Caroline Street Today
Caroline Street today is an American urban community in the best sense.
The area is stable. Seventeen of the twenty-four houses are occupied by their owners. Three more are owned by former residents who plan to return at some time in the future. One house has been in the same family for 76 years. Only five houses have changed hands in the last 10 years. Sixteen households have been on the street 10 years or longer, six for more than 20. While some major life events cause people to leave the street, retirement normally does not. As our senior resident said, "I don't want to leave Caroline Street except feet first."
Ethnically we are typically American: some whose ancestors were among the first Europeans to settle on this continent, some whose ancestors were brought here from Africa in chains over 200 years ago, some who were born in at least four other countries.
Ages run from a few months to 86 years. Employment and education run the gamut, though rising property values mean that new buyers are usually professionals with advanced degrees.
Many residents have created attractive garden spaces both in front and back of their houses. In the past, some of the gardens hidden in the back have been featured in a spring garden tour that was conducted by the former Residential Action Coalition.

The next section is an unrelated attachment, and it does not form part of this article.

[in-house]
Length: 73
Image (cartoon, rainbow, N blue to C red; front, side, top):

Many residents use cars rarely; some don't own one. And that is hardly surprising, for in 10 or 15 minutes you can walk to numerous restaurants in Adams Morgan, Dupont Circle, and the developing U and 14th Street corridors; three supermarkets with another in planning; post office; banks; doctors, dentists, lawyers and drug stores; theaters, movie houses, night clubs and even an occasional opera; a variety of churches - most everything considered necessary today. And for things not within an easy walk, such as the Amtrak station, National Airport and the major department stores, there is always the Metro, several bus routes, and numerous taxis. Recently, an hourly-rental Zip car was added to the options.
Caroline Street is a neighborhood where people not just know but take care of each other. There are fond thoughts of the late Caroline Evans' day care services from years past, as there are of the fresh produce that the late George Evans frequently provided neighbors from his country garden. The Williams household continues to serve as a temporary repository for packages delivered to the street from the US Postal Service, FEDEX, and UPS whenever the intended recipients are not home to receive them. Residents, particularly those retired or who work at home, pay attention to what is happening outside, to help ensure area safety and deter crime. Dog walkers add a visible deterrence at various times of the day and night. And several neighbors work on an informal yet regular basis to ensure that the street is as litter free as is possible in a dense urban area.
This then is Caroline Street at 126, a community with all the pleasures (and some of the problems) of urban life. A street Jane Jacobs would love. We look forward, with our neighbors, to more good times in the future.
Last update 21 October 2005
Copyright Richard Busch, 1993, 2004-5
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